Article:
Health, wellness, and nutrition have never been more topical than they are today, in a world struggling to suppress and survive a global pandemic. Trends in nutrition have historically reflected social challenges and priorities, so it’s no surprise that today’s top nutrition fads focus on immunity, sustainability, and mental health. Here’s a quick look at what’s trending:
Immunity Super Foods
As a result of the pandemic, increased focus has been placed on improving the immune system, so immunity boosting superfoods are trending. Immunity superfoods include those high in Vitamin C (citrus, broccoli, peppers, brussels sprouts) and Vitamin E (nuts, avocados, seeds), and Vitamin D (eggs, tuna, salmon, sardines). Antioxidant-rich foods are also outstanding immunity boosters, (green tea, berries, pecans, and kale). Studies show that diets rich in these foods positively impact the immune system. Nutrition affects the microbiome, gut function, inflammation, and blood cell function, all of which reduce disease risk, and positively impact the immune system.1 Conversely, a deficiency in vitamin D, zinc, and vitamin C can negatively affect immune response.
Fermented Foods and the Microbiome Diet
Kombucha, Kimchi, and Kefir are just three of the trending foods in this category, and if you haven’t already heard of them, you will. Fermented foods are rich in probiotics and emerging research suggests that the good bacteria found in these fermented foods may improve gut health by increasing the number of healthy bacteria and virtually, “bathing your GI tract in healthy, food-related organisms,” according to food scientist Robert Hutkins, PhD, a professor at the University of Nebraska-Lincoln.2 The estimated 100 trillion microorganisms that exist in the gut play an important role in health. This growing area of research will continue to investigate how these foods influence the immune system, and metabolism.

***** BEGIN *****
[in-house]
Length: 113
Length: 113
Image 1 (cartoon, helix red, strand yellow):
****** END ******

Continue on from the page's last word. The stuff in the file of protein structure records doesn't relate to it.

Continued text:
Alternative Proteins and Sustainable Diets
Consumer interest in alternative proteins, such as plant-based meats, soy, legumes, algae, and insects, such as crickets, is at an all-time high with many new products coming on the market. While meat has traditionally been the world’s primary protein, there is growing interest in alternative protein sources due to an increased focus on animal welfare, environmental concerns, and of course, health. Sustainable diets respect and protect the environment and its ecosystems, in addition to being accessible and healthy. Vegetarians and vegans have long understood that diets based on animal products, such as red meat, butter and dairy, are high in saturated fats, which are linked to obesity, heart disease, diabetes, and elevated LDL cholesterol levels. However, diets based on plant sources, whole grains, nuts and seeds can help prevent these chronic conditions. With the increasing demand for alternative proteins, consumers are likely to see rapid innovation in this emerging food category.
Foods that Support Mental Health
Diets containing antioxidants, zinc, magnesium, Omega 3s, and probiotics have been linked to mental well-being and may be the newest form of comfort food. The anti-inflammatory properties of Omega 3’s, which are essential fatty acids, lead to a healthy brain and reduce symptoms of anxiety. Since the body does not produce Omega 3 naturally, they are obtained through foods such as fish, seeds, flaxseeds, avocados, and olive oil. Stress-reducing compounds like adaptogens and cannabidiol are also becoming increasingly popular, and many food and beverage companies are introducing products containing these ingredients, as consumers search for solutions to reduce anxiety and improve sleep.
1 Venter, C., Eyerich, S., Sarin, T., & Klatt, K. C. (2020). Nutrition and the Immune System: A Complicated Tango. Nutrients, 12(3), 818. https://doi.org/10.3390/nu12030818
2 Robert Hutkins, PhD, professor of food science, University of Nebraska-Lincoln.